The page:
Are Nutritional Supplements Worth It? The Truth from a Doctor

Are Nutritional Supplements Worth It? The Truth from a Doctor

Taking dietary supplements has become commonplace in the modern world. Many people are concerned they may not be getting the nutrients they need from their diet and are looking to “top-up” their body’s vitamins and minerals, while others are seeking a natural alternative to Western medicine’s prescription medicine system to solve their health issues.

For a lot of people, taking supplements has become a part of their daily routine, done with little thought, dominated by the thinking that it must be good for you.

It is true that the modern diet is vastly different from that of our ancestors and contains far more sugars, fats, salt, and processed foods.

As a result of this often less healthy diet, cases of depression, anxiety, fatigue, sleeplessness, and gastrointestinal issues are on the increase. Many of these symptoms can be caused by an insufficiency of micronutrients.

But what’s the right way to take supplements so they actively help us improve our health? We asked Dr. Nancy what her opinion was about including supplements in your daily routine – here’s what she said.

Know what’s in the bottle

Whatever the main labeled ingredient may be, check the contents list. It is rare for there to be just one ingredient in any supplement. You are more likely to find there are other accompanying vitamins and minerals and often inactive ingredients and fillers too. You can find supplements with a much purer content, but they aren’t often going to be the supplements you find at the supermarket, so always do your research and look at the nutritional label.

Make sure they are good quality supplements

It is important to know that the supplements you take are of the highest purity and quality. Look for “Good Manufacturing Practice” approval. That GMP label is a guarantee of quality.

Also, if you are gluten or dairy intolerant or have another dietary requirement check the label very carefully. For instance, you may be surprised by how many supplements contain dairy products.

There is one other mark to look out for – the “Non-GMO” label assures you that no genetically modified organism has been used in its manufacture. Although the jury is officially still out on this one it is best to stay clear of GMOs.

Know why you are taking the supplement

You must know what you are hoping to achieve from taking a particular supplement, what the supplement can do and any side effects that may result from adding it to your diet. For example:

  • B vitamins have been associated with significant benefits, improving mood, increasing energy and even helping with weight loss.
  • Fish oil is a potent anti-inflammatory, especially helping those with heart disease.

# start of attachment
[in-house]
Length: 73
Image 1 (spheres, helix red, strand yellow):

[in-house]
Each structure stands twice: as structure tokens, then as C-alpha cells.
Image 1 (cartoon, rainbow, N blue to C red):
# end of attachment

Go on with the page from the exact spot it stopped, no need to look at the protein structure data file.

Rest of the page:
• Vitamin C has long been known to help with immunity but is important in the fight against aging too.

Don’t use supplements as a replacement for healthy whole foods

Remember that your vitamins and minerals should be taken to help you fill in any areas of your diet that may not be rich in a certain mineral or vitamin – not to replace the need to eat healthy food entirely.

You can have too much of a good thing

There are certain supplements that, taken in excess, can lead to toxicity if accidentally overdosed. Patients in my clinic come in with bags of supplements they have been taking for years for multiple issues. Individually they may be fine but taken together, can cause problems. Many supplements contain vitamins A, D, E, or K, all of which when taken in excess can be harmful.

The problem is that these vitamins are not water-soluble and the surplus will not be flushed out of the body in the urine. They are fat-soluble.

That means the vitamins not required by the body will be stored in the fat tissues. Anyone taking these vitamins as part of their supplements needs to be aware there may be problems and should monitor the situation with occasional blood tests to make sure they are not over ingesting them.

Iron can also cause difficulties and, in excess, can be toxic to the human body. Only those known to have an iron deficiency should take iron as a supplement. That includes menstruating women, patients who have a problem with iron absorption in the gut, and those who simply don’t have enough iron in their normal diet. Iron should not be a part of most people’s supplements. Too much may be harmful to the liver and other organs.

Pregnancy often needs specific supplements

There are certain vitamins that should be taken in pregnancy and those that need to be controlled. That’s why specific prenatal vitamins are available for pregnant women and those trying to become pregnant – make sure you replace any normal supplements with these supplements.

Supplements are a good idea during weight loss

When a patient is starting a weight loss plan I frequently recommend certain supplementation to support their metabolism, immunity, and hair growth. These are areas that are often adversely affected by losing weight.

As you can see, taking supplements is not straightforward, but they can be beneficial to your overall health. You need to be aware of what your diet may be lacking and what vitamins and minerals need a boost. Then you need to examine exactly what the supplements you buy contain. Know what’s in the bottle and stick to the recommended dosage – if you can, get regular blood tests to keep track of your levels and tweak as appropriate.


Dr. Nancy Rahnama, MD, ABOM, ABIM, is a medical doctor board certified by both the American Board of Obesity Medicine and the American Board of Internal Medicine. Her specialty is Clinical Nutrition, that is, the use of nutrition by a medical doctor to diagnose and treat disease. Dr. Rahnama has helped thousands of people achieve their goals of weight loss, gut health, improved mood and sleep, and managing chronic disease. 

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